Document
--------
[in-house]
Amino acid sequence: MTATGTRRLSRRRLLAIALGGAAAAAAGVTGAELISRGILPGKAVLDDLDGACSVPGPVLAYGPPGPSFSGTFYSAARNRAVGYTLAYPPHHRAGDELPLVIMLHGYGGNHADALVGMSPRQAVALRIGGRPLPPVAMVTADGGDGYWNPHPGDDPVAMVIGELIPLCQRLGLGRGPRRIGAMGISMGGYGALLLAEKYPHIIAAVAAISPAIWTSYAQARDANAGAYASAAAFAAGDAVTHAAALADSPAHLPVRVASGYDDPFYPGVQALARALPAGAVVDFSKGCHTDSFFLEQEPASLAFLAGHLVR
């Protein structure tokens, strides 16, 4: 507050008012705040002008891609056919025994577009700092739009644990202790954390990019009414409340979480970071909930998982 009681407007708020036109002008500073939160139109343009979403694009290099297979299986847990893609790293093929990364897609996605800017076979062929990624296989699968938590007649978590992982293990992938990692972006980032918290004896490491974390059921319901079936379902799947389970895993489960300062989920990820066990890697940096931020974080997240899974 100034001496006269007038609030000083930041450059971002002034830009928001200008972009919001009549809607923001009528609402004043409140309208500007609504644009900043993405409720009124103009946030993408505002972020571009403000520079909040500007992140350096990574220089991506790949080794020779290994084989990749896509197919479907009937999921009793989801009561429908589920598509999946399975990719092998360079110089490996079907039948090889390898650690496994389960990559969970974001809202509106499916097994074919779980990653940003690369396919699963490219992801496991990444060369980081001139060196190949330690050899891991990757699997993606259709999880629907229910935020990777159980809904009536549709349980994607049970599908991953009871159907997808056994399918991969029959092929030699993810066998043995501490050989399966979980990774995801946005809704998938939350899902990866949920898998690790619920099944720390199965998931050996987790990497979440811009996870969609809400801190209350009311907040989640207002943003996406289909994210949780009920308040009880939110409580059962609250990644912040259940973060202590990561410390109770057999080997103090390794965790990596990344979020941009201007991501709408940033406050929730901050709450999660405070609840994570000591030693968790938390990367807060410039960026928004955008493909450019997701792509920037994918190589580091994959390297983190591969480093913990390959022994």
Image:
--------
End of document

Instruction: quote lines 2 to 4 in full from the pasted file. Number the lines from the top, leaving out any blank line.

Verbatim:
Amino acid sequence: MTATGTRRLSRRRLLAIALGGAAAAAAGVTGAELISRGILPGKAVLDDLDGACSVPGPVLAYGPPGPSFSGTFYSAARNRAVGYTLAYPPHHRAGDELPLVIMLHGYGGNHADALVGMSPRQAVALRIGGRPLPPVAMVTADGGDGYWNPHPGDDPVAMVIGELIPLCQRLGLGRGPRRIGAMGISMGGYGALLLAEKYPHIIAAVAAISPAIWTSYAQARDANAGAYASAAAFAAGDAVTHAAALADSPAHLPVRVASGYDDPFYPGVQALARALPAGAVVDFSKGCHTDSFFLEQEPASLAFLAGHLVR
């Protein structure tokens, strides 16, 4: 507050008012705040002008891609056919025994577009700092739009644990202790954390990019009414409340979480970071909930998982 009681407007708020036109002008500073939160139109343009979403694009290099297979299986847990893609790293093929990364897609996605800017076979062929990624296989699968938590007649978590992982293990992938990692972006980032918290004896490491974390059921319901079936379902799947389970895993489960300062989920990820066990890697940096931020974080997240899974 100034001496006269007038609030000083930041450059971002002034830009928001200008972009919001009549809607923001009528609402004043409140309208500007609504644009900043993405409720009124103009946030993408505002972020571009403000520079909040500007992140350096990574220089991506790949080794020779290994084989990749896509197919479907009937999921009793989801009561429908589920598509999946399975990719092998360079110089490996079907039948090889390898650690496994389960990559969970974001809202509106499916097994074919779980990653940003690369396919699963490219992801496991990444060369980081001139060196190949330690050899891991990757699997993606259709999880629907229910935020990777159980809904009536549709349980994607049970599908991953009871159907997808056994399918991969029959092929030699993810066998043995501490050989399966979980990774995801946005809704998938939350899902990866949920898998690790619920099944720390199965998931050996987790990497979440811009996870969609809400801190209350009311907040989640207002943003996406289909994210949780009920308040009880939110409580059962609250990644912040259940973060202590990561410390109770057999080997103090390794965790990596990344979020941009201007991501709408940033406050929730901050709450999660405070609840994570000591030693968790938390990367807060410039960026928004955008493909450019997701792509920037994918190589580091994959390297983190591969480093913990390959022994």
Image: